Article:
Agricultural Suppliers Adapt to ‘Low Cycle’
YOUNGSTOWN, Ohio – Crop surpluses, commodity prices and a lack of oil and gas money are forcing farmers to tighten their belts, and the companies supporting them are feeling the pinch.
Deerfield Ag Services in Deerfield sees the impact on commodity prices firsthand. In addition to equipment sales, agronomy support, crop insurance and marketing for farmers, Deerfield deals with crop purchases and sales, including corn, wheat and soybeans. What it doesn’t grow on its 4,000-acre farm, it purchases from farms within a 25-mile radius and into Pennsylvania, says CEO and co-owner, Bill Wallbrown.
“Some of them are full-time farmers. Many of them are part-time farmers; they have outside farm jobs,” Wallbrown says.
Commodity prices peaked in 2012, but have since dropped significantly, with production costs being the same “or up a little bit,” Wallbrown says. Soybeans are at about $8 per bushel, down from $12. Similarly, corn dropped to $3.30 per bushel from $5 and wheat to $4 per bushel from $7, he says.
“We were flying high when the overall economy was doing poorly,” says John Wallbrown, chief operating officer. “While the overall economy is doing great right now, we’re pretty well into the low cycle.”
Corn is used primarily for ethanol production and the wheat goes to mills in Ohio and the eastern U.S. The soybeans are loaded into shipping containers on-site and exported to world markets, mostly to southeastern Asia.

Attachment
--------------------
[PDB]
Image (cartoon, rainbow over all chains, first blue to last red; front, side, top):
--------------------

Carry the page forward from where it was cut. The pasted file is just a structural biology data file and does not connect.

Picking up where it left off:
To support its export business, Deerfield constructed a $4 million terminal elevator in Massillon in 2017. Rail access there allows Deerfield to load and transport grain to up to 90-car trains – some 3,400 bushels per car – and connects Deerfield to more foreign buyers, Wallbrown says.
“And ultimately, we will be able to pay the farmers more for their grain,” says Beth Padisak, co-owner.
To ensure farmers get the best possible price, Deerfield works with them to develop marketing plans and target contracts that set crop prices according to the Chicago Mercantile Exchange.
If farmers want to sell a certain number of bushels of grain at a particular price, Deerfield monitors prices throughout the trading day, says Benjamin Nething, grain originator. When the price is locked in, Deerfield advises the farmer that it’s bought the grain at the price the farmer wanted to sell.
“Prices trade 17 1/2 hours a day on the Chicago Mercantile Exchange,” Nething says. “We can’t expect our farmers to be glued to their cell phones doing nothing but watching price. It’s a way for us to try to bring dollars from outside our local economy and bring new money into our local economy.”
Leveraging the Chicago exchange allows Deerfield to offer farmers the highest possible price, adds Jenifer Pemberton, grain merchandiser. Deerfield develops profit-oriented marketing plans to help farmers set planting strategies and how much of their crop they can sell, she says.
“I pretty much have something to do everyday,” she says. “When the market’s down I’m trying to sell grain, and when the market’s up we’re trying to buy grain.”
Equipment sales at Deerfield – particularly grain elevators and storage systems – are 40% of what they were when the industry peaked in 2012, forcing the company to downsize its equipment staff, John Wallbrown says.
At the time, “there was a lot of oil and gas money in the region,” but the drilling agreements that landowners signed expired last year, some of which haven’t been renewed, Bill Wallbrown adds.
“So that free cash flow is not out there,” he says. “Farmers were spending money just so they didn’t have to pay taxes. So a lot of what we sold was from oil and gas money.”
Typically, farmers upgrade their equipment every five years, says Mike Mampieri, general manager of Ohio Ag Equipment, Broadview Heights. But the extra income from the oil contracts justified upgrading after two or three years, he says. While it’s difficult to quantify the impact it’s had on the equipment supplier’s business, he says farmers have pulled back on their spending.